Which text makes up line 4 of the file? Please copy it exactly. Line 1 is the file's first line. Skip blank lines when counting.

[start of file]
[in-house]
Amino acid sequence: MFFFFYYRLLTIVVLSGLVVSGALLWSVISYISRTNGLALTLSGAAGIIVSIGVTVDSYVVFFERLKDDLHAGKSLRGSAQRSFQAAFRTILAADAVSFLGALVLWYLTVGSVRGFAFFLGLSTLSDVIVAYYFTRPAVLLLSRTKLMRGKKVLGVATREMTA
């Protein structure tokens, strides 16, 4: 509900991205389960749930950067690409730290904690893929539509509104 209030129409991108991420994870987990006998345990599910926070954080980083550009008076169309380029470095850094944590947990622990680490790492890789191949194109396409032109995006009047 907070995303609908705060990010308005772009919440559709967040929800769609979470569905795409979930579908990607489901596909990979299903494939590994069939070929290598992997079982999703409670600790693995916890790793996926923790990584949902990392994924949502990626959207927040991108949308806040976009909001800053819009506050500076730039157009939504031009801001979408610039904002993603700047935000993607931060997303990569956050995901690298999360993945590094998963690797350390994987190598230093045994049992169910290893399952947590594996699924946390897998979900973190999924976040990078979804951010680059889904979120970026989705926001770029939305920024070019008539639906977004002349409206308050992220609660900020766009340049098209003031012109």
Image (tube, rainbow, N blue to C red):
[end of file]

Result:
Image (tube, rainbow, N blue to C red):